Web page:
NYT Piece: Gutting Interviews Louise Antony on Atheism

Here. The piece is the second in a series that Gutting is doing for the Times.

We mentioned reactions to the first interview of the series, with Alvin Plantinga, here. The original interview with Plantinga can be found here.

Weekend Funnies

Existentialist Star Wars.

H/T: NewAPPs

Rational Acceptance: A Flowchart

Kraay's Important Recent Paper on Divine Satisficing

Kraay, Klaas. "Can God Satisfice?", American Philosophical Quarterly 50 (2013), pp. 399-410.

Here's the abstract:
Three very prominent arguments for atheism are (1) the argument from sub-optimality, (2) the problem of no best world, and (3) the evidential argument from gratuitous evil. To date, it has not sufficiently been appreciated that several important criticisms of these arguments have all relied on a shared strategy. Although the details vary, the core of this strategy is to concede that God either cannot or need not achieve the best outcome in the relevant choice situation, but to insist that God must and can achieve an outcome that is good enough. In short, this strategy invokes divine satisficing in response to these arguments for atheism. (The widespread use of this strategy may have gone unnoticed because the appeal to divine satisficing is usually implicit.) In sections 1-3, the three arguments for atheism will be set out, and it will be shown that the relevant replies all employ this shared strategy. Section 4 will show that those who invoke divine satisficing have failed to establish that this is a coherent notion. Accordingly, these replies to three important arguments for atheism are, at present, incomplete.
Required reading. Then go read this paper (if you haven't already).

Announcement: Call for Papers: Workshop on Testimony and Religious Epistemology

Call for Papers
Workshop on Testimony and Religious Epistemology
Oxford University 24 & 25 June 2014
The New Insights and Directions in Religious Epistemology project at Oxford University invites the submission of papers related to the application of epistemic issues raised in the context of testimony to any question in the philosophy of religion or analytic theology. 
Keynote Speakers:     Lizzie Fricker (Oxford) 
                              Jennifer Lackey (Northwestern)
                              Trent Dougherty (Baylor)
                              Paulina Sliwa (Cambridge)

Papers should be suitable for blind review and be no longer than 4000 words in length. Submissions should be accompanied by a cover letter including the name, affiliation, and contact details of the author.

Papers should be submitted to insights@philosophy.ox.ac.uk
Submission deadline is 25 April, 2014.
Partial funding is available to support travel and accommodation expenses for speakers. 

Further details of the New Insights project can be found atwww.newinsights.ox.ac.uk  

De Cruz's New Paper on the Enduring Appeal of the Arguments of Natural Theology...

...in the current issue of Philosophy Compass. Here's the abstract:
Natural theology is the branch of theology and philosophy that attempts to gain knowledge of God through non-revealed sources. In a narrower sense, natural theology is the discipline that presents rational arguments for the existence of God. Given that these arguments rarely directly persuade those who are not convinced by their conclusions, why do they enjoy an enduring appeal? This article examines two reasons for the continuing popularity of natural theological arguments: (i) they appeal to intuitions that humans robustly hold and that emerge early in cognitive development; (ii) they serve an argumentative function by presenting particular religious views as live options. I conclude with observations on the role of natural theology in contemporary analytic philosophy of religion.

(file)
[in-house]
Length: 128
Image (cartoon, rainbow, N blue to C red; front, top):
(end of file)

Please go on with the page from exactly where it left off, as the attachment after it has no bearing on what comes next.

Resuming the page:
And if a copy should make its way to my inbox...

Update: Thanks!

Announcement: Creation-Evolution Debate

My good friend Wes McMichael is hosting a debate on creation and evolution on Saturday, March 29th, at Pennsylvania Highlands Community College. Please see the flyer for further details. The debate will probably be uploaded to YouTube soon after the event. Please consider attending if you're in the area.

John Hawthorne on Theism, Atheism, and Bayesianism

The talk is a contribution to the Cambridge-Oxford Philosophy of Cosmology Project. Here are the parts of John's talk: part 1, part 2, part 3, and part 4.

How it's done.

Forthcoming Book on God and Abstract Objects

Beyond the Control of God? Six Views on the Problem of God and Abstract Objects (Paul Gould, ed.) is projected to come out at the end of March. Contributors include Keith Yandell, Paul Gold, Richard Brian Davis, Greg Welty, William Lane Craig, Scott Shalkowski, and Graham Oppy. Further details here.

Announcement: Conference on "Faith and Reason: Themes from Swinburne"...

...at Purdue, Sept. 25th-27th. Speakers include Paul Draper, J.L. Schellenberg, Peter van Inwagen, Alvin Plantinga, Dean Zimmerman, Eleonore Stump, Nicholas Wolterstorff, Jonathan Kvanvig, Hud Hudson, and Marylin McCord Adams. Further details here.

What God Would Have Known...

 ...is the title of J.L. Schellenberg's forthcoming book , which offers a large number of novel arguments against Christian theism. I...